He watched the boy go out into the yard. The boy sulked and dragged his feet. He was unhappy about something and the old man wondered what was bothering him. The mother walked out with her purse on her shoulder and keys in her hand. The old man listened.
“Make sure you pick up all your toys in the yard and wash up for dinner. I’ll be back in about ten minutes; I need to pick up butter from the store.”
The mother stroked the little boy’s hair, but he pulled away. She held her hand in the air for a moment and took a deep breath. She turned towards the car.
“I’ll be right back, sweetie.”
The old man had moved out of the bushes by now, acting as if he were walking down the sidewalk. He knew no one would think it was unusual for him to be walking two streets down from his own. He waved to the mother as she waved back. He wondered if she remembered seeing him in the park. As the green sedan turned the corner, the old man crossed the street to the little boy.
“Would you like help with that, young man?”
The little boy continued his task and did not look up to answer.
“No, thank you.”
“Well, you got a lot of toys to pick up. You and your friends must’ve had fun.”
“I have no friends.” The little boy said.
“Oh, I’m sorry to hear that. Well, you still have Paul, don’t you? Isn’t he your friend?”
“My mom took him away.”
“Why’d she do that?”
“She was mad at me.”
“Why was she mad?”
The boy shrugged his shoulders. He had stopped picking up toys.
“Would you like to go on a walk with me? I thought we could be friends.”
“My mom would get mad again.”
“I’ll speak to your mom when she comes back. It’ll be okay.”
The boy stared for a moment.
The old man considered reaching to hold the boy’s hand but thought it best not to. The boy walked alongside him with his hands in his pockets. He watched his feet as they trampled over the discolored wet leaves on the sidewalk.
“What’s your name, young man?”
The old man tried to remain causal and friendly. It was too soon to enact his true desires.
“Jason. What’s your name?”
“You can call me Mr. Noone. Jason’s a good name. I had a nephew named Jason.”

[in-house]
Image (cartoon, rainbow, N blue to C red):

“Had? You mean he died.”
“Yes, a long time ago. He drowned in his family’s swimming pool. It was a tough time for everyone. He was about your age. And like you, he didn’t get along with his parents. I gave him a stuffed bear the day before he died. I’m sorry; I’d rather not talk about this.”
“What do you want to talk about?”
“Well, what sort of things do you like to talk about?”
“I don’t know. I don’t talk much.” Jason said.
“It seems like you have lots of things to say.”
“Yeah but many people don’t listen because I’m only a kid.”
“Nonsense. I’m listening right now.”
Jason’s response confused Mr. Noone. What an unusual child. He saw a bus rattling down the street. This was the right time.
“Would you like to go to my shop and pick out another toy? I have too many. You can have as many as you want. You can even get one for your mom.”
The old man was anxious. He did not want to miss the bus.
Jason’s response sounded melancholy, but he did not hesitate to get on the bus with Mr. Noone.
“If we leave now, we can go where we want and get you back home in time for supper.”
“What’s supper?” Jason said.
“I suppose you call it dinner.”
The bus ride seemed longer than it was. After only fifteen minutes, they had arrived where Mr. Noone looked out the window and sat back down. He didn’t want to get off the bus.
“Shouldn’t be much longer now.” Mr. Noone said.
Read More. Read the ending or the extended version in the eBook Dollar Tales from the Morbid Museum: The Ghosts Inside. Download Free on Amazon Kindle July 26 Only. Read the extended version in The Morbid Museum eBook and Paperback coming September 17, 2019.